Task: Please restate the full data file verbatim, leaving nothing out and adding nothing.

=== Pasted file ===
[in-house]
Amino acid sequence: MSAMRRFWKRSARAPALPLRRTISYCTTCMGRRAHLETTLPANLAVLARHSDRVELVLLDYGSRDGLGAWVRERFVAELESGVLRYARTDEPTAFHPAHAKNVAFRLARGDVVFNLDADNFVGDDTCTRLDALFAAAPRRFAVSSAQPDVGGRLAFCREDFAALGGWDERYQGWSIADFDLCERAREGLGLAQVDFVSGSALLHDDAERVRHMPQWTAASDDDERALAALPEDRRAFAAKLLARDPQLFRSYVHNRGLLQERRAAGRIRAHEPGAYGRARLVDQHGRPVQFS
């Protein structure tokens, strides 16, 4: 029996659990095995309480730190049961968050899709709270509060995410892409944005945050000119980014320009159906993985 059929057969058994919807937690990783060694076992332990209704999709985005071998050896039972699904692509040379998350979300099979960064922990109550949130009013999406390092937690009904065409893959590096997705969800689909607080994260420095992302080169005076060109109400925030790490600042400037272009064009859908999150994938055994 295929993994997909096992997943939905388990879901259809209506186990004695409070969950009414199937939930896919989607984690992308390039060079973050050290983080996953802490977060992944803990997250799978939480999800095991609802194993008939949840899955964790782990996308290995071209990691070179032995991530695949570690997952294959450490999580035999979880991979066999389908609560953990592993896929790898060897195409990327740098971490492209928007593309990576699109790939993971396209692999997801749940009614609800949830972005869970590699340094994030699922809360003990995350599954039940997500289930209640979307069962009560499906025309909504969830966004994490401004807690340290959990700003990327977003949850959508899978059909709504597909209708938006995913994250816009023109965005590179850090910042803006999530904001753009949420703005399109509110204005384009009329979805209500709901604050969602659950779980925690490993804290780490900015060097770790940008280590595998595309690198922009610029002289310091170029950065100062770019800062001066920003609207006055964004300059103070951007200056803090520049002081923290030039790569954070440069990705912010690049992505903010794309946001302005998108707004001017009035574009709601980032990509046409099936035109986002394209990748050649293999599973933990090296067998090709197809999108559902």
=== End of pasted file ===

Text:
[in-house]
Amino acid sequence: MSAMRRFWKRSARAPALPLRRTISYCTTCMGRRAHLETTLPANLAVLARHSDRVELVLLDYGSRDGLGAWVRERFVAELESGVLRYARTDEPTAFHPAHAKNVAFRLARGDVVFNLDADNFVGDDTCTRLDALFAAAPRRFAVSSAQPDVGGRLAFCREDFAALGGWDERYQGWSIADFDLCERAREGLGLAQVDFVSGSALLHDDAERVRHMPQWTAASDDDERALAALPEDRRAFAAKLLARDPQLFRSYVHNRGLLQERRAAGRIRAHEPGAYGRARLVDQHGRPVQFS
């Protein structure tokens, strides 16, 4: 029996659990095995309480730190049961968050899709709270509060995410892409944005945050000119980014320009159906993985 059929057969058994919807937690990783060694076992332990209704999709985005071998050896039972699904692509040379998350979300099979960064922990109550949130009013999406390092937690009904065409893959590096997705969800689909607080994260420095992302080169005076060109109400925030790490600042400037272009064009859908999150994938055994 295929993994997909096992997943939905388990879901259809209506186990004695409070969950009414199937939930896919989607984690992308390039060079973050050290983080996953802490977060992944803990997250799978939480999800095991609802194993008939949840899955964790782990996308290995071209990691070179032995991530695949570690997952294959450490999580035999979880991979066999389908609560953990592993896929790898060897195409990327740098971490492209928007593309990576699109790939993971396209692999997801749940009614609800949830972005869970590699340094994030699922809360003990995350599954039940997500289930209640979307069962009560499906025309909504969830966004994490401004807690340290959990700003990327977003949850959508899978059909709504597909209708938006995913994250816009023109965005590179850090910042803006999530904001753009949420703005399109509110204005384009009329979805209500709901604050969602659950779980925690490993804290780490900015060097770790940008280590595998595309690198922009610029002289310091170029950065100062770019800062001066920003609207006055964004300059103070951007200056803090520049002081923290030039790569954070440069990705912010690049992505903010794309946001302005998108707004001017009035574009709601980032990509046409099936035109986002394209990748050649293999599973933990090296067998090709197809999108559902």